Moon to Mars Initiative Demonstrator Mission Grants worth around $40 million have been awarded to 10 projects led by Australian businesses and universities that aim to support NASA’s return to landing astronauts on the moon.
The grants were awarded to projects led by six different Australian businesses and three different universities, with the Australian National University (ANU) receiving almost $11 million to fund two projects.
The Australian Space Agency expects the grants will leverage an additional $15 million in contributions from industry, academia, and state and territory governments.
Founded under the former Coalition government as part of its Australian Civil Space Strategy 2019-2028, the $150 million Moon to Mars initiative is a funding program to support Australian companies to participate in the US-led public-private exploration program of the same name.
This includes NASA’s Artemis Program to return astronauts to the moon by 2024.
The demonstrator mission grants worth up to $10 million could be awarded to projects at the final design and fabrication development phase or beyond. An estimated $41.5 million was initially estimated to be available through this round.
The largest demonstrator mission grant, worth $6.2 million was awarded to an ANU-led project working on laser stabilisation flight technology to support future Gravity Recovery and Climate Experimen (GRACE) missions, which seek to measure the variations in gravity over the Earth’s surface.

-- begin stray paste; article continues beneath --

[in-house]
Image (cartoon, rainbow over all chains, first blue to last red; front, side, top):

In collaboration with international partners and Australian radar firm CEA technologies, the project seeks to extend “the successful collaboration on the GRACE Follow-On mission” launched in 2018, as well as “unlock access to global markets in satellite and communications for Australian companies”.
AI robotics and navigation technology firm Advanced Navigation is receiving $5.2 million for Project LUNA (Laser measurement Unit for Navigational Aid). The technology will improve the safety and reliability of autonomous landing manoeuvres, according to the firm.
The technology will be demonstrated onboard United States-based Intuitive Machines’ Nova-C lander as it lands on the moon in 2024, delivering science payloads on behalf of NASA under its Commercial Lunar Payloads program.
South Australia-based Fleet Space Technologies is receiving $3.9 million to deploy a “miniature three component seismic station on the lunar surface to record continuous seismic data for up to 14-days”.
The seismic payload will be launched on board a commercial lander and collect information on the lunar surface to a depth of 1km.
Head of the Australian Space Agency Enrico Palermo said these investments will position Australian space companies to be part of future global space missions.
“These space projects will make a big impact, including to NASA’s Artemis Program. They will develop capability and experience in mission launch and space operation activities,” Mr Palermo said.
“The recipients cover many critical technology fields, such as helping to address global challenges like climate change, to enhancing sectors like agriculture, resources, transport and defence.”
The full list of grant recipients can be found here.
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